The Rich Man and Lazarus Contrasted

    The inward conditions of the rich man and Lazarus are contrasted. One exulted in his wealth; the other was content with grace in his poor afflicted condition. One was a seeker of earthly treasures; the other was a seeker of heavenly treasures. One was selfish and ungodly; the other was a self-sacrificing believer. We learn from the providence of God that worldly prosperity does not prove one’s acceptance with God, and poverty does not prove his abandonment. Furthermore, social elevation does not lead to spiritual-mindedness, and deprivation thereof does not distract from it. The one thing needed was lacking in the life of the rich man. He possessed great riches but had nothing, because he did not have grace. On the other hand, the poor man was the rich man because he was “as having nothing, and yet possessing all things” (II Cor. 6:10). He was poor in worldly possessions but rich because he possessed grace. The rich man was poor in his riches, and the poor man was rich in his poverty.

    There was a contrast in the deaths of the rich man and Lazarus. The only thing the two had in common in life was their possession of mortal bodies. But what a change ensued at the moment of death! The record states that the rich man was buried, but nothing is stated about the burial of the poor man. There was no doubt an elaborate funeral service with a long procession of distinguished citizens and professional mourners for the man of wealth (Jer. 9:17; Eccl. 12:5). Such things are highly esteemed among men. Conversely, there is no reference to a funeral for Lazarus, but a convoy of angels carried him to Abraham’s bosom (kolpos, which means close to, near, or bosom). Hence, he became a partaker of the same blessedness with Abraham in paradise. The term “bosom” denotes intimacy in fellowship (Luke 16:22, 23; John 1:18; 13:23). Angels are called “ministering spirits, sent forth to minister for them who shall be heirs of salvation” (Heb. 1:14), and “the chariots of God are twenty thousand, even thousands of angels...” (Ps. 68:17).

    The contrast between the rich man and Lazarus after death is one that most people would like to ignore or hope after death to find that hell is only a myth. But the contrast after death is as much a reality as the contrast in either life or death. Although the living have not yet experienced death and the afterlife, Christ, the Author of life and death and who cannot lie, has spoken on the subject: “Now it came about that the poor man died and he was carried away by the angels to Abraham’s bosom; and the rich man also died and was buried. And in Hades he lifted up his eyes, being in torment, and saw Abraham far away, and Lazarus in his bosom” (Luke 16:22, 23 NASB). The poor man who had suffered in time was enjoying the comfort and rest of eternal bliss. Conversely, the rich man who enjoyed the comfort of earthly riches in time was suffering the woes of eternal damnation. The chasm (chasma, a gaping opening, a chasm, or gulf) between the two is eternally fixed. Separation is a distinct feature of judgment (II Thess. 1:9).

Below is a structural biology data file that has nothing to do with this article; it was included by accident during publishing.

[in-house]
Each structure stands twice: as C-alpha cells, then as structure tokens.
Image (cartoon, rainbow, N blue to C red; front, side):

Eternity will make both saved and lost more keenly conscious of things than life on earth did. The rich man in hades knew what was going on in three realms: (1) his own, (2) the one in which Lazarus and Abraham were, and (3) the one in which his five brothers lived. The last realm will exist only until time shall be no more. Abraham heard the rich man’s request, but he could render no assistance. He did say to him, “Son, remember.” Memory is the mind’s power of preserving and knowing its own past history. Nothing is ever irrevocably forgotten. One needs only to be subjected to the scene where some particular event took place, and the details of the event, though forgotten for years, will be brought up from his storehouse of memory. Everything put into the memory bank of your computer will be recalled when eternity subjects you to your life’s history. Memory in eternity will embrace all the past life at once. In an instant, one will be able to see the beginning and ending of his whole life’s history side by side. Memory in time is not constant, but it will be in eternity. While this increases the misery of the unrighteous, the righteous will rejoice and praise God throughout all eternity for deliverance from the nature of sin and the sins of nature.

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